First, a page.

Restaurants may be forced to shutter and dining-in is no longer an option; but luckily takeout is a go and pizza continues to be one of the easiest to do just that with. And this strange year, I am once again helping to judge Vancouver Foodster’s annual #PizzaChallengeYVR. Local restaurants are invited to pit their pizzas against one another, in hopes of finding the best in the city. And as it was for previous years, you are invited to try all the pizza competitors, then vote for your favourite as people’s choice winner. As a judge, I will be trying each myself and critiquing them on Taste (20 points), Originality and Uniqueness (10 points), and Presentation and Appearance (10 points).
And today, my first pizza stop in the challenge was Sciué. Their Yaletown location has erected a tent and is seating would-be cafe goers outdoors, under covered, kept warmed by heat lamps. And as soon as the weather gets sunnier, these plastic walls will come down, and their tables over cobblestone will become a hot spot.
With a handful of locations available, I am surprised that I am only just now visiting the chain. Everything is available for point and order within the cafe. Stacks of sandwiches, towers of dessert bars, and rectangular pizza available by the slice. We would start with their challenge pizza, and the reason why we came down in the first place, then explore the rest of the menu a la carte.
Their pizza is authentic Roman Style Pizza, similar to those found in the pizzerias of Rome. It is notably cooked straight on stone to enhance its flavour, and is served by the weight you choose. In hindsight, I wish we tried more than just one of their pizza offerings, as it was definitely my favourite out of everything that we had.
The La Ligure Nera is available by the slice, or as a whole pizza to go. Created by their Chef, as a tribute to his hometown of Liguria, in the Italian region. This striking pie combines traditional ingredients like pesto, roasted potatoes, and green beans with mozzarella cheese and fresh basil; then piles it atop a charcoal activated dough. Visually, this one is stunning, a pizza with a crust like no other. The hue allows the greens to pop all the more. Not to mention, when was the last time you saw green beans on pizza? As a fan of this vegetable, this was an extra treat to eat. As for taste, it felt more like a flatbread than pizza. Great seasoned and tender vegetables pair with a slightly dry breading. Though truth be told, we came later in the day and didn’t want to put the staff out by getting them to make a fresh pizza for us. Especially when there was plenty waiting behind glass, only needing a reheating. Worth noting is that the highlight was the perfect olive oil and herb seasoned potatoes, and they are featured on their everyday brunch menu (from 8am-3pm). Worth visiting for more alone.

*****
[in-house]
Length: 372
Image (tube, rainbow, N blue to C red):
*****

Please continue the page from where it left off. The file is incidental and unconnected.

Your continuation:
Seeing as they make all their bread/dough in house, I wanted to try one of their paninis. However they were out of chicken on this day, and my first and second options were off the table. So instead we took their suggestion and went for the Focaccia Al Crudo. House made rosemary focaccia with proscuitto crudo, bocconcini, and mixed greens. It is toasted to order for melty cheese and crispy bread. Although, I wished that they added the greens in after the toasting so that they wouldn’t be wilted as they were here. This was my second favourite menu item of the night.
Ideally, I wanted to pair the above with one of their soups for dipping into. I was hoping for a rich and creamy, tangy tomato based one; and thought that was what I was getting with their minestrone soup of the day. However, it turns out that what I was imagining was the North American take on the classic soup. Whereas the traditional Italian version is sans tomato and is a more cabbage focused broth with plenty of hearty boiled vegetables resting at the bottom. Sadly no good for dipping, and not for me. Maybe more salt and seasoning would have helped in this regard?
Similar in critique was the Nonna Maria Lasagna. A beef lasagna with mozzarella, parmesan, bechamel, and Sciué’s rustic tomato sauce. It was cozy and comforting with its softened texture. Whereas I prefer a more flavourful bake with additional salt and seasoning; coupled with firmer noodles and crispier edges from burnt gooey cheese. This was good, but not quite what I was expecting. In hindsight I should have done some additional research, realizing this was not classic Italian style cuisine, but Roman instead?
And when visiting a more authentic Italian restaurant, you must not leave without trying their coffee. A couple of fulsome lattes with stunning art hit the spot.
In short, this is a fantastic option for a quick and tasty bite, with great service and a lovely set up in Yaletown. I will definitely have to return to try their brunch menu and pick up more of their fun Italian candy that taste like liquor, without the actual alcohol content.
126 Davie Street, Vancouver, BC V6Z 2V4